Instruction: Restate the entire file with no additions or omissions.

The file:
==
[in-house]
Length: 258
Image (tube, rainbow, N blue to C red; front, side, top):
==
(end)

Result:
[in-house]
Length: 258
Image (tube, rainbow, N blue to C red; front, side, top):